And exactly how would a CCSU “campus-specific scent” (see article below) smell?
Similar to (but, naturally, more robust than) WestConn’s, Southern’s and Eastern’s and less sweaty than UConn’s.
It’d be less pretentious than Trinity’s and far cheaper than Wesleyan’s but far more expensive than Tunxis’s than one would think it should.
You could only get it on-line during the summer and winter sessions but could probably get it used from the Bookstore anytime…and soon everyone will be introduced to it first at the Center for Student Success and Fine Cologne.
Robert Duvall said it best: “I love the smell of Central in the morning; it smells like victory.”
From Inside Higher ED
Smells Like School Spirit
June 10, 2009
From battered hot dogs at football games to crisp autumn afternoons, certain smells conjure up memories of college life long after graduation. A new fragrance company is attempting to bottle that nostalgia by selling perfumes based on campuses around the country.
Since 2008, Masik Collegiate Fragrances has churned out a small but growing line of campus-specific scents, starting with Pennsylvania State University, the University of North Carolina at Chapel Hill and Louisiana State University. More are in the works, including the Universities of Florida, Georgia, Alabama and Tennessee, and Auburn University. Each has its own version of perfume and cologne, packaged in 3.4-oz. bottles for $60.
The scents are inspired by university colors, landmarks and architectural style, and campus trees and flowers, among other factors, says Katie Masich, the company's president and CEO. For instance, Louisiana State University's purple-and-gold logo matches its perfume's notes of plum, golden bourbon and honey. There's also a touch of oak, in homage to the oak tree-lined campus.
Meanwhile, eau de Chapel Hill consists of lychee champagne accord, mandarin orange and green apple, with undertones of jasmine, violet and vanilla. "It's very romantic, charming, kind of that soft southern charm," Masich said of campus and concoction alike.
Masich said she came up with the idea for the line in 2007, wanting to break away from the typical idea of perfume.
"You walk in any department store and the markets are dominated by celebrities and fashions celebrating those people," she said. "Why not celebrate something that's a part each and every one of us, as a student of [a] university, or a fan or an alumni, faculty, staff, et cetera."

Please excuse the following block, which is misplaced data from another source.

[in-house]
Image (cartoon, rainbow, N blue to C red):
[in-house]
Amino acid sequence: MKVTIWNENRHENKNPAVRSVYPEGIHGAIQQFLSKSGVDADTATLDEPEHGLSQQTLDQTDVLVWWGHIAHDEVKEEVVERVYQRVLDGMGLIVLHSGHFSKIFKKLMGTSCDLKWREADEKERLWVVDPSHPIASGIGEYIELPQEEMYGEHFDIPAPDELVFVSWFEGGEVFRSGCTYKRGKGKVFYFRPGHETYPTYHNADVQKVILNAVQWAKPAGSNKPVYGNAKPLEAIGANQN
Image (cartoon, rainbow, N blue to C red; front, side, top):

Masich said she figured she'd have the most luck with colleges with large student bodies and national sports followings. Having grown up in Pennsylvania and studied chemical engineering at Bucknell University, she decided to start with nearby football giant Penn State. The campus was not entirely convinced at first.
"When I first called Penn State, it took me a while to get hold of them, but I convinced them it was something unique and different," she said. "They said, 'It's not going to smell like a Nittany Lion, right?' and I said, 'No, no.' "
In fact, Penn State's perfume blends cassis, a type of black berry, with Moroccan rose, lilac and vanilla. Jessica Silko, who graduated from Penn State in May, said she has seen the fragrance at the student bookstore but shied away from the $60 price tag.
"As a college student, I don't want to waste money on something like that, just 'cause it has the Penn State name on it," she said. "However, if you put the Penn State brand on something, there will be a large number of fans who will buy it. They just will, it doesn't matter if it's something kind of ridiculous -- especially if it smells decent."
Part of each bottle's profit, usually around 10 percent, goes to a collegiate licensing company that distributes the funds to student scholarships and athletic programs at each campus, Masich said.
Like the rest of the American economy, the fragrance industry is struggling these days. Total prestige fragrance sales generated $2.68 billion in 2008, down 6 percent from 2007, according to Dora Brunette, a spokeswoman for the national market research group NPD.
But in Chapel Hill, the campus scents are a hit, says John Jones, director of student stores. Ninety-six bottles of perfume and 93 of cologne have been sold since they arrived last summer. The buyers are primarily alumni and visitors during football season and the holidays, he said.
Stacey Simeone, a 2008 graduate from Chapel Hill, was a skeptic at first sniff.
"When I first saw it, I thought it was kind of stupid -- they can't make a perfume that would smell like it," she said. "Then I smelled, and then I thought it smelled really good, but it didn't necessarily remind me of Chapel Hill" -- which, to Simeone, smells like "spring."
Asked what her personal recipe for Penn State perfume would be, Silko didn't hesitate for a moment. "Stale beer and nachos," she said.
— Stephanie Lee
© Copyright 2009 Inside Higher Ed